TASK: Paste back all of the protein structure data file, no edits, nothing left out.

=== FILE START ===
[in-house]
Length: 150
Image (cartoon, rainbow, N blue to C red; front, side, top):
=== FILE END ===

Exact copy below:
[in-house]
Length: 150
Image (cartoon, rainbow, N blue to C red; front, side, top):